Decomposed

If I were to write a murder mystery novel, it would open with a body being found in a compost container. Meat and bone, as I learned last week by Googling “can I compost _______?” about everything in my parents’ house, can make a compost pile smell, and attract animals. What at first would seem like a strategic misstep on the part of the killer would, perhaps, actually be the thing that almost lets them get away, if I can figure out a good twist for it.

It is fascinating and satisfying to see food and newspaper and cardboard and grass clippings all become dirt. Last year, Vermont made it against the law to put food scraps in the trash, meaning you either need to compost at home or bring the food scraps to specific drop-off points around the state. My parents got a large, black plastic cube for their backyard, which has been slowly filling with food scraps and other compostable materials. Last week, as my fiancée and I were visiting my parents, I tended to it, digging coffee grounds out of K-Cups to add nitrogen, and torn up newspapers (the increasingly slender local paper, the Rutland Herald) for carbon. Caterpillars have worked their way into the cube, attaching themselves as pupa to the sides, only to emerge as moths into a dungeon of decomposing matter.

On our last day in Vermont, the compost thermometer, an elongated metal rod that looks like it fell down to Earth from a giant’s barbecue, measured the pile at a “steady” 90 degrees Fahrenheit. I wanted it to get to “active,” where the bacteria that breaks down the pile thrives, but not “hot,” where the bacteria dies. It seems to be a delicate science to get the right ratio of nitrogen-rich “green” materials and carbon-rich “brown” materials, not to mention added factors like aeration and moistness. Get any one of these off and you’ll stray further and further from the active path.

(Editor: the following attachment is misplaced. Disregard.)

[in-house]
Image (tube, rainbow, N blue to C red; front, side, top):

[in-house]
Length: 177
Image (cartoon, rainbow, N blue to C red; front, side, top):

Back in New York, I think “this could be composted” about almost everything I throw in the trash. New York suspended curbside compost pick-up during COVID, citing budget cuts, and even when it does return it will still be voluntary, dependent on apartment building managers and homeowners to sign up.

You could stick a thermometer down the center of the city and discover that we have gone from steady, to active, to verging on hot. It’s hard not to feel like we’re just living in a landfill, as New Yorkers leave piles of trash on the sidewalk for hours, waiting for pick-up. In the summer heat, the smell is wretched, and it’s not uncommon to see trash strewn across roads and sidewalks.

Our last night in Vermont, I broke a wine glass that was a wedding gift to my parents. As I threw the glass in the trash, my mom told me it was one less thing for me to worry about after they die. That’s not really true though—glass, while made of natural materials, is not compostable, and unless it is exposed to over 1,000℉ of heat, will take over one million years to break down naturally. That glass will be around, will be something to be worried about, long after we’re both dead, maybe long after Earth as we know it is inhospitable. When a compost pile gets too hot, you can split it, and spray water on it in hopes of cooling it down. What about a city? A planet?